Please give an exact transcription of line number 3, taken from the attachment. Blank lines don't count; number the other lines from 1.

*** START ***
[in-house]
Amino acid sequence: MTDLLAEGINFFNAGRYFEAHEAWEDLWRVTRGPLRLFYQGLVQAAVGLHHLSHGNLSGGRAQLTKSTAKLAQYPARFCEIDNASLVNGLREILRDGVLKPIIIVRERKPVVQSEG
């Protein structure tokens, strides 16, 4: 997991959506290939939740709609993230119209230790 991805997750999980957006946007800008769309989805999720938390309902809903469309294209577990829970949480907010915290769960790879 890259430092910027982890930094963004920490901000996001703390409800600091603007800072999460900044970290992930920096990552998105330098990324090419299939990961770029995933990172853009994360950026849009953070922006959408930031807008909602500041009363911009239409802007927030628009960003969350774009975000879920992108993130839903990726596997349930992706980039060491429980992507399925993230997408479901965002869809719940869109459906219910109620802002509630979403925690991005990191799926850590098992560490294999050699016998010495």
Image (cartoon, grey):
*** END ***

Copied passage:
């Protein structure tokens, strides 16, 4: 997991959506290939939740709609993230119209230790 991805997750999980957006946007800008769309989805999720938390309902809903469309294209577990829970949480907010915290769960790879 890259430092910027982890930094963004920490901000996001703390409800600091603007800072999460900044970290992930920096990552998105330098990324090419299939990961770029995933990172853009994360950026849009953070922006959408930031807008909602500041009363911009239409802007927030628009960003969350774009975000879920992108993130839903990726596997349930992706980039060491429980992507399925993230997408479901965002869809719940869109459906219910109620802002509630979403925690991005990191799926850590098992560490294999050699016998010495």